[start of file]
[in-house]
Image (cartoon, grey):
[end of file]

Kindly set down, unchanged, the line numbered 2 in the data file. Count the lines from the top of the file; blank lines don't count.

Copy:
Image (cartoon, grey):